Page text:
When it comes to the other components of the closing costs, the buyer is still responsible for its majority. One way that sellers take on more of the closing costs is if the buyer negotiates with them. 

If the buyer can give the seller something they want, such as a cash deposit or a quick closing, sellers may take on more closing costs. Hypothetically, if the costs were $3,000 and the seller was going to pay $500, the buyer could try to negotiate that the seller covers $1,500 if the buyer pays in cash. 

There are other things that buyers and sellers can negotiate to change who pays what amount of the closing costs, but typically, the buyer offers a quick sell in exchange for the seller paying a more significant cut of the closing costs. 

It is possible to get your costs lowered. Enlisting the help of a real estate professional or a professional home buying company can try to make that happen: Buy my house in Idaho!

Pros and Cons of Paying Closing Costs in Boise

When it’s finally time to pay the closing costs for the house, there are two ways you can do this. You can finance the costs or if you’re thinking “I just want to sell my house fast in Meridian!” you can also pay for them in cash upfront and be done with it. 

Of course, there are pros and cons to both that you’ll want to consider before deciding on a house sale that is best for you.  

Pros of Financing Your Closing Costs

Financing your closing costs will help you avoid bringing thousands of dollars to the closing meeting. Instead, you’re able to add the charges to your home loan and gradually pay it off over time. 

Financing these charges is an excellent option if you just spend a large chunk of your savings on your down payment. 

Getting both the buyer and seller to an agreement that will ultimately end in a sale can be tedious. Choosing to finance your closing costs and group them into the home loan can push this process along. 

Pros of Financing Your Closing Costs

If you’re in the market to refinance your current mortgage, financing your closing fees might be more beneficial for you. Financing the costs under these circumstances is generally a better idea because you’re still going to be paying your monthly mortgage for a while.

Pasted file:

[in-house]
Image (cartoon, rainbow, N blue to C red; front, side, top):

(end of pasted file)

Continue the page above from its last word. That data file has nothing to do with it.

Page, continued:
Cons of Financing Your Closing Costs

In the long run, you probably won’t be saving yourself much money. If you’re looking to save yourself some money down the line, paying the closing costs upfront and in cash may be a better option for you. 

Another potential downside to financing your closing costs is that you may notice your monthly payment has a higher interest rate than paying them upfront. Something to keep in mind is that some lenders do not allow you to group your closing costs into the loan.

On top of that, financing takes time. If you don’t want to drag out the process, you may want to consider cash or brush up on some tips on how to sell your house in 5 days

Pros of Paying Your Closing Costs in Cash

The most significant benefit of paying your closing costs in cash or a cashier’s check is that it can help you avoid having these costs added to your home loan and monthly payment. 

If your mortgage lender sees you’re requesting to add these fees to your mortgage loan, there’s a good chance they’ll raise your monthly interest rate. 

Cons of Paying Your Closing Costs in Cash

If you’ve already spent a large amount of your money on your down payment, paying your closing costs upfront and in cash may not be feasible or the best move. Paying for these fees in cash means you have the total amount of the closing fees at that moment. 

Conclusion

Regardless of if you’re selling your home through a real estate agent or on your own, knowing what closing costs to expect is going to be vital in sealing the deal. Visit us at Gem State Cash Offer for even more information, we buy homes in Boise, Idaho.